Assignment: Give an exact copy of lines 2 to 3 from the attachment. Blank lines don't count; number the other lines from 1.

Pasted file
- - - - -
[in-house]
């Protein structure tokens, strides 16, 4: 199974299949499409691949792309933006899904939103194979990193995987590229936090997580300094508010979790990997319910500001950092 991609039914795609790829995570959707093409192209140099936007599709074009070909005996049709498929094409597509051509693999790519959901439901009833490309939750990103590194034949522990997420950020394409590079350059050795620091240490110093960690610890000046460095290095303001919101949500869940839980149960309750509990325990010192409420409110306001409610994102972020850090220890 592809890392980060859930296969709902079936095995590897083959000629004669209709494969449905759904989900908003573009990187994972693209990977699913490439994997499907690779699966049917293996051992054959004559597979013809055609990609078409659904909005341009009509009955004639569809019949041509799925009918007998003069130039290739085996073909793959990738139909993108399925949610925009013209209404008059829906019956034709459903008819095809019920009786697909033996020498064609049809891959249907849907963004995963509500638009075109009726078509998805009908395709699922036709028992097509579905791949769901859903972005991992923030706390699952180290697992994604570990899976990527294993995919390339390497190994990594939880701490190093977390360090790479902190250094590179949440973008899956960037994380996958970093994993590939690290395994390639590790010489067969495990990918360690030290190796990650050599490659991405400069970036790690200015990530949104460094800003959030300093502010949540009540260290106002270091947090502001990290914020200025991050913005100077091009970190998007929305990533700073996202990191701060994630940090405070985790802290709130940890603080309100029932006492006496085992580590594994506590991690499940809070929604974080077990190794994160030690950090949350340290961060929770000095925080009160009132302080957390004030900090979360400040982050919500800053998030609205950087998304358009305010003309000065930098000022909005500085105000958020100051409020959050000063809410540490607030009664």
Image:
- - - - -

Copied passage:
């Protein structure tokens, strides 16, 4: 199974299949499409691949792309933006899904939103194979990193995987590229936090997580300094508010979790990997319910500001950092 991609039914795609790829995570959707093409192209140099936007599709074009070909005996049709498929094409597509051509693999790519959901439901009833490309939750990103590194034949522990997420950020394409590079350059050795620091240490110093960690610890000046460095290095303001919101949500869940839980149960309750509990325990010192409420409110306001409610994102972020850090220890 592809890392980060859930296969709902079936095995590897083959000629004669209709494969449905759904989900908003573009990187994972693209990977699913490439994997499907690779699966049917293996051992054959004559597979013809055609990609078409659904909005341009009509009955004639569809019949041509799925009918007998003069130039290739085996073909793959990738139909993108399925949610925009013209209404008059829906019956034709459903008819095809019920009786697909033996020498064609049809891959249907849907963004995963509500638009075109009726078509998805009908395709699922036709028992097509579905791949769901859903972005991992923030706390699952180290697992994604570990899976990527294993995919390339390497190994990594939880701490190093977390360090790479902190250094590179949440973008899956960037994380996958970093994993590939690290395994390639590790010489067969495990990918360690030290190796990650050599490659991405400069970036790690200015990530949104460094800003959030300093502010949540009540260290106002270091947090502001990290914020200025991050913005100077091009970190998007929305990533700073996202990191701060994630940090405070985790802290709130940890603080309100029932006492006496085992580590594994506590991690499940809070929604974080077990190794994160030690950090949350340290961060929770000095925080009160009132302080957390004030900090979360400040982050919500800053998030609205950087998304358009305010003309000065930098000022909005500085105000958020100051409020959050000063809410540490607030009664």
Image: